Murray is a trained builder which adds to his strength as a designer and also his understanding and love of timber as a building material.

“I was fascinated even when I was doing my apprenticeship to go over [to the sawmill] and just see how they manufacture the timber and how they treat it. If it over shrinks through the kiln, they can swell it back up again. And it’s just such a versatile material.”

Inspired by the colours and textures of the Tasmanian landscape

Another project that My Build Collective have underway, using the same exterior timber they used in The Boathouse, is in Marrawah in Tasmania’s wild north west.

“I was taught this by my previous boss, you go to site and have a look at the landscape and you pick colours and materials that you can see around in the natural environment. So there’s a tree that we’ve named Home Tree. It’s this amazing, gnarly, sappy tree that’s just down in front of where we’re building. We’re going down with colour swatches, picking off that tree, [and using those colours in] the build. The sap resin is running down this tree, so we’re painting little bits of cement sheet with that colour. We’re hoping some of the timber has the red staining as well. So we’re picking up [on what] is already there and what looks great in that environment.”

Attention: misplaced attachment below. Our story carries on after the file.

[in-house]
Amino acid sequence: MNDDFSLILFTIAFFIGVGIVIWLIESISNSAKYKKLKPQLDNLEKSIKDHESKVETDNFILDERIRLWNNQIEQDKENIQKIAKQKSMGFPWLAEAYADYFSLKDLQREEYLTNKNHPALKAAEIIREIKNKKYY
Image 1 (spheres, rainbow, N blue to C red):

Murray’s crew understand why this is so important, having collected rocks from the edges of forestry roads to create a stunning building that looks at home in the rugged Tasmanian Highlands. As do his clients who have recycled Tasmanian Oak beams in their project. Murray handed over the history of the beam’s former life to his clients to add layers of meaning to their new home.